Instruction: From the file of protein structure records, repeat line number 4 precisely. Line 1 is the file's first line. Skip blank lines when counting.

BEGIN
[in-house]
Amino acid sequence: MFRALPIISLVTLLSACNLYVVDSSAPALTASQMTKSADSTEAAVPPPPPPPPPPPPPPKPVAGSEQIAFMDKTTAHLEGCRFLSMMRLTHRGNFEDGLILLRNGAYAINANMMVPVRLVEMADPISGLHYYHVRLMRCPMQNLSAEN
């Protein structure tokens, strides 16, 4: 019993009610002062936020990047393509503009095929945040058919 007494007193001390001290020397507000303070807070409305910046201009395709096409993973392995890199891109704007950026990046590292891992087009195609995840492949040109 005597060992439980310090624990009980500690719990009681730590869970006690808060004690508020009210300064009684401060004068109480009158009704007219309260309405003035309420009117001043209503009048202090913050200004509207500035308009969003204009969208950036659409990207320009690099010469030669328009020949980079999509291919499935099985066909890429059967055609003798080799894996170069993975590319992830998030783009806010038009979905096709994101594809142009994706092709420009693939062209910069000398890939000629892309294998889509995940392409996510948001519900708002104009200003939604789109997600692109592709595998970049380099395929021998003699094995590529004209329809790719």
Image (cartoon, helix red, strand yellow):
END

Image (cartoon, helix red, strand yellow):